Exhibition in Cologne
This is a very heavily illustrated softcover guidebook for an exhibition held in Cologne (Köln).
The guidebook includes photos of Breker’s works such as Der Kunder, Bereitschaft, Eos, Anmut, Prometheus,
Dionysos, Mrs. Speer, Mrs. Bormann, Graf Luckner, Max Baldner, Der Wager, Adolf Hitler, Psyche, Albert Speer,
Schreitende, Arthur Kampf, Dr. Goebbels, Der Wäger, Cortot, Die Partei, Die Wehrmacht, Richard Wagner,
Gerhard Hauptmann, Iris, Die Berufung, Christofanetti, Die Fahne, Auszug zum Kampf, Aufbruch der Heimat,
Der Rächer, Kameradschaft, Rufer zum Streit, Aufbruch der Kämpfer, Auszug zum Kampf,
Frau Merkel, Kurt Edzard, Nugochi, Studienkopf, Dr. Goldschmidt, Olga Dexel-Dahlgreen, Kopf des Verwundeten,
Der Verwundete, Prinz von Bayern, Heros mit Fackel, Der Sieger, Lindgens, Adler, Robert Valencay and others ...
In near very good exterior and near fine interior condition.
Minor wear to cover, otherwise ok with minor traces of use and age.
Approx/Measurements: 6-1/4" x 4-1/2" ~0.2 lbs.
Published by District Cologne
Arno Breker (Elberfeld, now Wuppertal, July 19, 1900 - Düsseldorf, February 13, 1991) was a German sculptor best known for being endorsed by the authorities of Nazi Germany.
Breker was born in Elberfeld, in the north of Germany, the son of a stone mason. He began to study architecture, along with stone-carving and anatomy, and at age 20 was accepted to the Düsseldolf Academy of Arts where concentrated on sculpture. In 1927 he moved to Paris, which he thereafter considered to be his home. He was quickly accepted by the art dealer Alfred Flechtheim. He also established close relationships with important figures in the art world, including Charles Despiau, Isamu Noguchi, Maurice de Vlaminck and André Dunoyer de Segonzac, of all of whom he later made portraits. He travelled to North Africa, producing lithographs which he published under the title "Tunisian Journey". He also visited Aristide Maillol, who was later to describe Breker as "Germany's Michelangelo".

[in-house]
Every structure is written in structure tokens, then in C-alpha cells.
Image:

In 1932 he was awarded a prize by the Prussian Ministry of Culture, which allowed him to stay in Rome for a year. In 1934 he returned to Germany on the advice of Max Liebermann. At this time Alfred Rosenberg, editor of the Nazi newspaper Völkischer Beobachter, denounced Breker as a degenerate artist. Despite this - and the fact that he never joined the Nazi Party - Breker was supported by many leaders. He took commissions from 1933 through 1942, for example participating in a show of his work in occupied Paris in 1942, where he met Jean Cocteau, who appreciated his work. He maintained personal relationships with Albert Speer. In 1936 he won the commission for two sculptures representing athletic prowess, intended for the 1936 Olympic games, one represented a Decathlete (“Zehnkämpfer”) and the other The Victor (“Die Siegerin”).
The neoclassical nature of his work, with titles like Comradeship, Torchbearer, and Sacrifice, typified Nazi ideals, and suited the characteristics of Nazi architecture. On closer inspection, though, the proportions of his figures, the highly colouristic treatment of his surfaces (the strong contrasts between dark and light accents), and the melodramatic tension of their musculatures perhaps invites comparison with the Italian Mannerist sculptors of the 16th century. This Mannerist tendency to Breker's neoclassicism may suggest closer affinities to concurrent expressionist tendencies in German Modernism than is acknowledged.
His twin sculptures The Party and The Army held a prominent position at the entrance to the Reichs Chancellery.
Breker was a professor of visual arts in Berlin, until the fall of the Third Reich. While nearly all of his sculptures survived WWII, more than 90% of his public work was destroyed by the allies after the war.
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